Date of Award

8-2013

Degree Type

Dissertation

Degree Name

Doctor of Philosophy

Major

Educational Administration

Major Professor

E. Grady Bogue

Committee Members

Norma T. Mertz, Ralph G. Brockett, C. Warren Neel

Abstract

The purpose of this study was to describe the factors that influenced the board of trustees at Mississippi College and Georgetown College, KY to sever governance ties with their respective state Baptist Conventions and to describe the impact of the decision on the college administration, academic operations, lay governance structure and denominational relationship on the two institutions. The research questions guiding this study were:

1. What were the factors that influenced the decision-making process to make a change in governance relationship between the institution and the state Baptist convention?

2. What has been the impact of the decision to sever the governance ties with the Baptist state convention on the college administrative and academic operations, lay governance structure and denominational relationships?

Data for this study was collected from 46 in-depth, one-on-one interviews with the current and former presidents, trustees, faculty members, the college legal counsel and the current and former executive directors of the state Baptist conventions. Additional data was collected from observations, field notes, media sources and internal college documents.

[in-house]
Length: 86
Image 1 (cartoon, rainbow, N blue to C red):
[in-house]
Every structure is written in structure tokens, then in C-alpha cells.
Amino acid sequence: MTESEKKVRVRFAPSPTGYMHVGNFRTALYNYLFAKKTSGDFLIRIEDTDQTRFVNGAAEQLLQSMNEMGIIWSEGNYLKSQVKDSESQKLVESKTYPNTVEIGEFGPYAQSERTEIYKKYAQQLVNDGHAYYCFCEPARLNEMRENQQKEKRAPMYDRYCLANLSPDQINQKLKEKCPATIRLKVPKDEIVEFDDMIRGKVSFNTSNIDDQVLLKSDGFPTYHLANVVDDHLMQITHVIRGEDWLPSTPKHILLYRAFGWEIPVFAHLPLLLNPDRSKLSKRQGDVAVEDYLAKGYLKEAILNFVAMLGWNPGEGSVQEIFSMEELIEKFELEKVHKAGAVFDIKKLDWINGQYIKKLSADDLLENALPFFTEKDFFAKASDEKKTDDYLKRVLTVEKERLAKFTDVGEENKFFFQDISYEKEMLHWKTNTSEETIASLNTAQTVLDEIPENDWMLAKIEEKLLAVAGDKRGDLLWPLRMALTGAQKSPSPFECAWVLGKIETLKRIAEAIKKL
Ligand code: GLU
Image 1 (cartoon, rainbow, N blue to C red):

The findings indicated four themes emerged as factors that influenced the board of trustees’ decision at Mississippi College and five themes emerged as factors that influenced the board of trustees’ at Georgetown College. A cross-case analysis of the data revealed that two themes at both institutions correlated with the remaining themes independent to their respective institutions. In both cases the findings indicated that the trustees’ decision had no impact on the college administration or academic operation; however, there was a substantial impact on the lay governance structure and relationship with the state Baptist conventions.

It is suggested from these findings that factors which influence the decision-making process of lay governing boards in higher education and the outcomes of these decisions are just as complex, complicated and divergent as those in the for-profit sector. The study provides discussion on the conclusions, current implications and recommendations for future research.

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